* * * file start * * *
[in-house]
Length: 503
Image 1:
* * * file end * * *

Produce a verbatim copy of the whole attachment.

[in-house]
Length: 503
Image 1: